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Jonathan Blow interview: How to fix the adventure, innovate mainstream games and do a sequel right

GamesRadar: Smaller indie games are good for innovation and experimentation. Have you played any bigger mainstream games recently that you feel had new ideas? That weren’t just sticking to the same formulas?

JB: Actually, there are quite a number of mainstream games that do that; it’s just that when they do, they don’t tend to do it with their whole heart or base the whole game on it. One example that I often use - an old example now - is Gears of War. Third-person cover mechanics had been done before, but then [Epic] put in this active reload thing which nobody had really done. That’s a small thing, a small piece of the overall design, but it’s an extra little step. If every triple-A game did that much of a step, we’d have a big piece of innovation.

Another example I was playing recently is LA Noire, but I wish that they had based the whole game around investigation. Instead there’s all this GTA-style driving around and I feel like they put this in because they didn’t have enough faith in the investigations. It’s kind of pointless, at least as far as I’ve played. But it’s still a pretty interesting game and you can very easily see that a lot can be built on for the next version... experiments to be done on top of those.

GamesRadar: Large publishers love sequels as well. Can you see yourself ever making a sequel to one of your games? Or do you always want to move on to a new project?

JB: No, I could. I could almost see a sequel to this game. I don’t know what it would be right now, but it would be about “Does a sequel bring something new? Does it bring enough new to justify being a whole new game?” I don’t ever want to do a cash-in sequel where it’s like the same game with new levels or whatever. But this kind of template has a lot of possibility. With Braid, the rewind had a lot of possibility, but in designing it, I felt I got to a lot of what I knew how to get to. With The Witness, there’s just so much that I had to stop designing it at some point and say “This is what’s in the game in order to ship.” So I could see making a game that is in this theme and has the same kind of feeling, but where the basic puzzle mechanic is different. I have all these possibilities in my head for what the next game could be, and they’re all different.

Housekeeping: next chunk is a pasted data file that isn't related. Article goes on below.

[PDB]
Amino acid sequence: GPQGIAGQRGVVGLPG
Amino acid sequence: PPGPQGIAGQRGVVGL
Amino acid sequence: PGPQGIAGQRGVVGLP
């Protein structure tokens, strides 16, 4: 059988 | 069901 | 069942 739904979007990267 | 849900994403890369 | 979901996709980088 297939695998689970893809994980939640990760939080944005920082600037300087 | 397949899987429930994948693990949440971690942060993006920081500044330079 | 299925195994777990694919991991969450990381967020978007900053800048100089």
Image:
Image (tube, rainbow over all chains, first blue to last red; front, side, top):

GamesRadar: Before we go, I want to put another question to rest. A lot of the people who disliked Braid used the word “pretentious” to criticize it. Can you understand why they would think that? Are your games pretentious?

JB: I disagree with the use of that word. I don’t think any of my games are “pretentious” because I’m not pretending. I legitimately mean everything that I put into the game. Whether that comes across or not, I don’t know… But what it really comes down to is that some people think, “Games do this sort of thing. They don’t do this sort of thing.” And I think games can do any kind of thing that we want them to do.

One of the criticisms that I’ve heard about Braid is “Oh, I didn’t understand the story, and so the author failed.” Well, let’s look at another genre that people take seriously, like the novel. Very few people on the planet Earth could tell you that they understand Finnegans Wake, but it’s considered to be one of the great novels. Something like Gravity’s Rainbow is a very well respected, very complicated book that very few people understand, but that is part of the value of the medium. There’s so much to it that it’s not all there the first time you glance at it. If you’re interested, you dig into it and you understand more and more. I think that that’s a very valuable thing and I think that if we can more of that in games, it would be nice.

Any time you do something that’s different, some people will like it and some people won’t. Some people don’t like Braid and some people will not like this game. Although The Witness is probably harder to call pretentious because it’s got a very different mood. But people will find something to call it, right?

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